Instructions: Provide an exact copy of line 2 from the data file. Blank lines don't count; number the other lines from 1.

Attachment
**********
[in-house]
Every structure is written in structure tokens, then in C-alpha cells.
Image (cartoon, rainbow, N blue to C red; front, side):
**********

Every structure is written in structure tokens, then in C-alpha cells.